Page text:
CBS CEO Les Moonves. Photo: Greg Doherty/Patrick McMullan via Getty Images

CBS was all chuckles yesterday at its annual Upfront advertising presentation, even though the company's future was being decided in a courtroom 200 miles to the south.

Why it matters: The big takeaway from the night was that Madison Ave. loves CBS CEO Les Moonves and CBS execs seem confident in their future.

“So, how’s your week been?“
— Moonves joked at the top of the presentation
“CBS has some of the most exciting legal dramas and some great TV shows.”
— Stephen Colbert

But the bubble could be burst as early as today, as Delaware Chancery Court is being asked to rule on a lawsuit brought by CBS to strip company control from Shari Redstone (and, thus, prevent a merger with Viacom).

  • The court did grant CBS an emergency restraining order against Redstone after she tried to change company bylaws shortly before the hearing began. It's a small win from a legal perspective, but CBS execs were crowing about it during their afterparty at the Plaza hotel.
  • Remember that these sorts of legal disputes are almost unheard of in dual-class stock structures, but arose here because Sumner Redstone included a "nuclear option" in the CBS charter 12 years ago. It's unclear exactly why, but the bottom line it's certainly causing major headaches for his daughter.

Go deeper

Updated 17 mins ago - Politics & Policy

Coronavirus dashboard

Illustration: Sarah Grillo/Axios

  1. Global: Total confirmed cases as of 7 a.m. ET: 32,870,631 — Total deaths: 994,534 — Total recoveries: 22,749,163Map.
  2. U.S.: Total confirmed cases as of 7 a.m. ET: 7,079,689 — Total deaths: 204,499 — Total recoveries: 2,750,459 — Total tests: 100,492,536Map.
  3. States: New York daily cases top 1,000 for first time since June — U.S. reports over 55,000 new coronavirus cases.
  4. Health: The long-term pain of the mental health pandemicFewer than 10% of Americans have coronavirus antibodies.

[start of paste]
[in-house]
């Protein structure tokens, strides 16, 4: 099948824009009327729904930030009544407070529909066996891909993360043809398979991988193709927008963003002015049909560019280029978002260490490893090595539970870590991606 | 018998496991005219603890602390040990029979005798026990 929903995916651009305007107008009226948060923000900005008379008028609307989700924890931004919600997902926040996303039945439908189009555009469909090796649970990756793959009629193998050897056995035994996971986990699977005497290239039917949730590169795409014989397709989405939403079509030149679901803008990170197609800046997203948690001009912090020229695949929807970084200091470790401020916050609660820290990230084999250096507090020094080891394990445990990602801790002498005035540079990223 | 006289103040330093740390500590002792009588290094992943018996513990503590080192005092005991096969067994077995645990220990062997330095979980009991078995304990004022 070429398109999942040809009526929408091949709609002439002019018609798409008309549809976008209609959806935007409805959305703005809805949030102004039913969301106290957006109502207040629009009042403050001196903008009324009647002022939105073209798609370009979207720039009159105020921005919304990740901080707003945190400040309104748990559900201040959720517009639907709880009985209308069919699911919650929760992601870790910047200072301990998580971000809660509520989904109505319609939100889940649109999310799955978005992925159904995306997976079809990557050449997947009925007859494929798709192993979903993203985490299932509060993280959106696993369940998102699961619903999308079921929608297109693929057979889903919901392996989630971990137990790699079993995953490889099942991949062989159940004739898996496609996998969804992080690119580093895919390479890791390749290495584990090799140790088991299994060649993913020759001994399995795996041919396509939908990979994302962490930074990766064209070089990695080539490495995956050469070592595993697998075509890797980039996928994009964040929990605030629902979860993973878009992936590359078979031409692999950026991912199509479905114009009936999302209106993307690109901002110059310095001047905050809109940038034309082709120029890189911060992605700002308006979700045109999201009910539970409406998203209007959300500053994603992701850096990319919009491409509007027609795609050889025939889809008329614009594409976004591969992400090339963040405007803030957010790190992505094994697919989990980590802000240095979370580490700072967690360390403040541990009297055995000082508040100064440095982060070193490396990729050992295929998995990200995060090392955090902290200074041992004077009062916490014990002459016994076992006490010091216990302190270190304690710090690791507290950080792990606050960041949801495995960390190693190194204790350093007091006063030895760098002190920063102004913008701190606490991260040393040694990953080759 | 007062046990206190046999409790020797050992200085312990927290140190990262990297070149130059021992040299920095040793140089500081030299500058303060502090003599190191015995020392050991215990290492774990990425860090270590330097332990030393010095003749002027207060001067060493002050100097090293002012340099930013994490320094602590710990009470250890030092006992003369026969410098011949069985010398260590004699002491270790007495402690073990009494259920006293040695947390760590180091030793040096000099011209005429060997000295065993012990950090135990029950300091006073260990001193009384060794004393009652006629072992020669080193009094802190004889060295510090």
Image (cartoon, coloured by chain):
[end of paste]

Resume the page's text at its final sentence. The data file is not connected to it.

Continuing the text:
5. Business: Millions start new businesses in time of coronavirus.
  6. Education: Summer college enrollment offers a glimpse of COVID-19's effect.

How the Supreme Court could decide the election

Illustration: Sarah Grillo/Axios

The Supreme Court isn't just one of the most pressing issues in the presidential race — the justices may also have to decide parts of the election itself.

Why it matters: Important election-related lawsuits are already making their way to the court. And close results in swing states, with disputes over absentee ballots, set up the potential for another Bush v. Gore scenario, election experts say.

Graham hopes his panel will approve Amy Coney Barrett by late October

Sen. Lindsey Graham during a Senate Judiciary Committee hearing on Sept. 24, 2020 in Washington, DC. Photo: Win McNamee/Getty Images

Senate Judiciary Committee Chair Lindsey Graham (R-S.C.) told Fox News Saturday he expects confirmation hearings on Judge Amy Coney Barrett's nomination to the Supreme Court to start Oct. 12 and for his panel to approve her by Oct. 26.

Why it matters: That would mean the final confirmation vote could take place on the Senate floor before the Nov. 3 presidential election.